In my neverending quest to find new, meaningful, and unique security solutions and strategies for the readers of Brilliance Security Magazine to consider, I recently talked with Rajiv Pimplaskar, President & CEO at Dispersive. We discussed Dispersive’s radically different, cloud-native approach to virtual networking, how it works, how it’s different, and applications where security practitioners may use it to enhance an organization’s security.
Dispersive provides accelerated, private, and secure virtual networking for cloud, branch, mobile devices, and embedded IoT. Their approach to virtual networking promises to deliver new levels of security, resiliency, and performance. It’s all within the context of a zero-trust strategy to protect data in transition.
Dispersive is about a year old and relatively unknown in the industry. Their technology was born from some challenging problems that the Defense Advanced Research Projects (DARPA) agency has been trying to solve for a while.
A few technologists with backgrounds in satellite communications, signals intelligence, and cryptography were looking at nation-state adversaries and how they might infiltrate critical infrastructure networks. They were concerned about man-in-the-middle attacks, traffic interception, and deflection for disruptive reasons.
Conceptually the protective measures these researchers looked at are similar to how smartphones use spread spectrum technology to interact with cell towers today. The application of radio frequency-hopping spread spectrum originated with the US Navy after the second world war as the government searched for ways to solve the potential problem of jamming radio frequencies used to direct guided torpedoes.
The Navy created a way of adding intentional noise into the signal, spreading it over a wide range of frequencies and then intelligently amalgamating them together. This technology was the predecessor of Code Division Multiple Access (CDMA), W-CDMA, and all the spread spectrum 5G Ultrawideband we have today.
Because of widespread digitalization, organizations no longer have visibility or control over how their sensitive data is routed. With public cloud and SaaS applications, they necessarily rely on third-party vendors who themselves are dependent on third parties. To solve the problems that customers have around trying to implement zero-trust, Dispersive has taken the same concepts that work in the radio frequency world and applied them to TCP/IP and the internet to enhance security.
Dispersive’s solution addresses the problems caused by a lack of control. It ensures that corporate resources—whether users or sensitive data—stay secure regardless of what they encounter outside the organization’s control. They accomplish zero-trust network access even across public clouds or untrustworthy third party networks by establishing highly secure active multipath transmissions.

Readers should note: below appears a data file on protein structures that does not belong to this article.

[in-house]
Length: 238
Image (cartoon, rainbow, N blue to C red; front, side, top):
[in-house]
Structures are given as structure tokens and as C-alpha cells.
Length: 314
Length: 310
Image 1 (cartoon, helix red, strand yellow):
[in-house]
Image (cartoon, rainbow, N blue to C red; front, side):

Multipath technology has been used typically to provide a higher level of network resiliency. If the primary or active path fails, the data redirects to a passive secondary route. This scheme is excellent for resiliency but does little to bolster data security.
On the other hand, Dispersive uses an active/active multipath to enhance security, and the additional resiliency is a byproduct of that protocol. Additionally, they offer the ability to dynamically roll around pathways that may be compromised, by a DDoS attack, for example.
Dispersive provides three essential network resources: virtual endpoint clients/gateways, strategically placed deflects, and controllers. Like any SD-WAN technology, you have an orchestration plane, a control plane, and a data plane. However, only Dispersive uniquely ensures that all of these are separately encrypted, separately obfuscated, and cannot be disentangled by compromising one or the other.
They deploy their containerized network fabric in a multi-cloud, multi-tenant model where they operate a SaaS solution that runs on top of Azure, AWS, or GCP. In some cases, their multipath VPN directs hyperscalers, data center operators and others.
Dispersive can provide a software-only version of their solution for certain global systems integrators and the federal government. These partners typically have their own trusted cloud resources, so they deploy Dispersive’s software on top of that.
Dispersive makes it virtually impossible to intercept data in transit because they are dispersing the payload across multiple routes. Even if a nation-state threat actor that can read Layer 2, Layer 3, or Layer 4 traffic and do hash matches against it is tapping into your network, they’re still only able to decrypt that particular stream, which is a subset of the overall. And on top of that, they rotate the keys constantly.
To be clear, Dispersive is not a sponsor of Brilliance Security Magazine, but it could be well worth your effort to learn more about them. If you are looking for a better way to enhance your security posture by protecting data in transit, dynamically splitting session-level IP traffic at the device, edge, or cloud into smaller, independent, and individually encrypted packet streams may be just what you need.
Steven Bowcut is an award-winning journalist covering cyber and physical security. He is an editor and writer for Brilliance Security Magazine as well as other security and non-security online publications. Follow and connect with Steve on Twitter, Facebook, Instagram, and LinkedIn.